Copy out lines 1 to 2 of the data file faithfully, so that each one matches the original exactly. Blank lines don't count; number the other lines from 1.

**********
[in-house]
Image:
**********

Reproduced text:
[in-house]
Image: